Tuesday, November 27, 2012

Python 3 and PyObjC

My main programming platform is OS X 10.8 and Python 3 (currently Python 3.3). In earlier blog posts I have discussed installing and using PyCrypto in this environment. My next attempt was to find a GUI solutions for this platform. I usually prefer native approaches when programming, and for OS X the Cocoa framework is the native approach. To get access to this from Python we need a bridge, and the bridge is called PyObjC. At the home page PyObjC seems like a dead project. But Ronald Oussoren is still doing some development, including Python 3 support. It is not straight forward to compile and install PyObjC for Python 3, but Giacomo Lacava provides the necessary steps. To summarize I have done the installation using the following steps:

  1. Fetch the latest code from Ronald Oussoren:
    hg clone https://bitbucket.org/ronaldoussoren/pyobjc
    cd pyobjc
  2. Compile and install PyObjC core:
    (cd pyobjc-core && python3 setup.py install)
  3. Compile and install the Cocoa, CoreData and Quartz frameworks:
    for i in Cocoa Quartz CoreData; do
      (cd pyobjc-framework-$i && python3 setup.py install)
  4. Compile and install the rest of PyObjC (except the XgridFoundation framework):
    for i in pyobjc-framework-[^X]*; do
      (cd $i && python3 setup.py install)

So far everything seems to work OK. You need Mercurial (hg) to perform the first step.

Wednesday, November 14, 2012

AES and RSA PyCrypto examples with Python 3

Earlier today I wrote about installing PyCrypto for Python 3 on OS X 10.8. I will use the opportunity to provide a few examples using PyCrypto to do AES and RSA encryption and decryption. I have created 3 programs. The first one, pycrypto-mkkey.py [src], generates an RSA key and saves it in two different files. One including the private key and one with only the public key (using the .pub extension). The stored private key is password protected with the given password. The program is used like this:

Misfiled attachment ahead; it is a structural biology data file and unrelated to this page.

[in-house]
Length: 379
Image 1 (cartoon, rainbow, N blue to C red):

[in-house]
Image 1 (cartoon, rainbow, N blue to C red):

python3 pycrypto-mkkey.py rsa-key "passwd"

The second program, pycrypto-encrypt.py [src], use the public RSA key to encrypt a file. Actually, the file is encrypted using AES, and the AES key is then encrypted with RSA. First the program generates a new fresh AES key and saves it to disk encrypted with the RSA key. Then it uses this AES key to encrypt the file (from stdin) and write the encrypted data to stdout. The program is used like this:

python3 pycrypto-encrypt.py rsa-key.pub aes-key < plain > cipher

The third program, pycrypto-decrypt.py [src], use the private RSA key to decrypt the file. Actually, the file is decrypted using AES, and the AES key is decrypted using RSA. First the program decrypts the AES key with the private RSA key. Then it uses this AES key to decrypt the file (from stdin) and write the decrypted data to stdout. The program is used like this:

python3 pycrypto-decrypt.py rsa-key aes-key "passwd" < cipher

Se also the README file distributed together with the programs.

PyCrypto with Python 3 on OS X 10.8

On an updated Mac (in my case 10.8.2) with an updated version of Xcode  (in my case 4.5.2) compiling and installing PyCrypto for Python 3 (in my case 3.3) is not just simply running the setup.py script. The latest release of PyCrypto is 2.6 and it supports Python 3 (it has supported Python 3 since version 2.4). But my earlier attempts using Python 3.2 on OS X 10.8 failed since it couldn't locate the SDKs and the SDK for OS X 10.6 was not installed (see issue14498 and related posts to solve these issues). In Python 3.3 this is not an issue any more, but using the correct version of the compiler is. To get the build process to use the correct compiler I tried with the following build command (llvm-gcc-4.2 is the compiler we want to use on current OS X):